Highlighting this, Izzard went on to talk about her performance of Hamlet, and how she “split the critics in London, but we were loved in New York, Loved in Chicago and nominated for outstanding performance. But you know, I said, we didn’t design the show for critics, we designed it for the people, and the people really loved it.” Even when faced with adversity from critics, she still carried on to perform, doing shows in other countries and not letting language barriers become a hindrance.

“Improvising French is fucking amazing. And if no one is impressed by that I am.”

Getting representation right

Izzard later discussed the role advertisers have in maintaining a positive view of the LGBTQ+ community, while navigating the fact that not everybody will agree with the message. 

“I’d say stay strong as it definitely helps LGBTQ+. I am a trans person, we do exist. I’m not making this up… Just play it carefully. The right wing are going to try and twist it, people who hate it are going to try and twist and make it into a political thing.”

Izzard went on to discuss how humour is used within advertising and how it has generally improved over time, highlighting that ads using humour in clever and inventive ways are more likely to have a greater impact on an audience.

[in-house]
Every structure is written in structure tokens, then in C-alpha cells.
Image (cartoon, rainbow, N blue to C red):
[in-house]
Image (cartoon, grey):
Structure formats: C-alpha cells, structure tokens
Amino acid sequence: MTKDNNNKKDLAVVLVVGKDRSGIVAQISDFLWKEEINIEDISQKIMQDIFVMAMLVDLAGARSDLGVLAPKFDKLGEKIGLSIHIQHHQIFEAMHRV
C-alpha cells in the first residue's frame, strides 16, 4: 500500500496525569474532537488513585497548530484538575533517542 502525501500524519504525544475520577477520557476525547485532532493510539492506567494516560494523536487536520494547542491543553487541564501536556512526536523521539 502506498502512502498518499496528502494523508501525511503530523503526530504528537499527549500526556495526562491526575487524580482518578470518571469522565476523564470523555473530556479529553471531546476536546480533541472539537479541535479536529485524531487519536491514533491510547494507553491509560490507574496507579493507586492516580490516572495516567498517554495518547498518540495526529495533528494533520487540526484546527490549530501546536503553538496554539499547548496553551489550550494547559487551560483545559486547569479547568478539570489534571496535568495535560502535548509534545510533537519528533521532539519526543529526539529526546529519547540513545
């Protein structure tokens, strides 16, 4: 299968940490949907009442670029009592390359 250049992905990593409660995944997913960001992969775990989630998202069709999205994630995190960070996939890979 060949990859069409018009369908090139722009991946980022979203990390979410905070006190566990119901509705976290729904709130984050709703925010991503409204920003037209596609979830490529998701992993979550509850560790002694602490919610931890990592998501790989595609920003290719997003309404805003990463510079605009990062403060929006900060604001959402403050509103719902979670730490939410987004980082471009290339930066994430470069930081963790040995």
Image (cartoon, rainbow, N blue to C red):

“I think it’s got better. It was more mainstream before and now it seems more nuanced, Alternative, off-beat, off-the-wall. And if someone does an advert that is weird and wacky, that’s more likely to go viral.”

Overcoming your fears

Izzard went on to talk about her fear of flying and how she was able to overcome it by attaining a pilot’s licence, urging the audience to do whatever it is that scares them and to do it again and again, as “(Your mental health is) going to be better.”

“And so I was scared of flying because I would throw up a lot when I was a kid. I suffer from motion sickness, and I just thought if I learn to fly, that would be great. And so I’d say to you, if there’s anything that you usually fear, say public speaking comes up a lot. The way to get good at public speaking is to do a lot of public speaking. So, all I can say to you here is not what you probably want to hear. If there’s something you don’t like doing and you need to do it. You know, if it’s good for your business, do as much of it as you can, it will get better, it does get easier. So move towards what scares you.”

She later went on to talk about being her own role model in her work, saying that, “I try to do things that make me go who the fuck did that? I did that!” and how she wants to continue to live a positive life and carry that with her as she goes into politics.

“I was lucky because I have a natural sense of business so I could take a risk with my career, which most people wouldn’t do. But I tried to live a positive life and do things that I want to take into politics, because I think I can help people go forward in politics. I just don’t have a seat yet, but I will keep going until I get it. So that’s my plan.”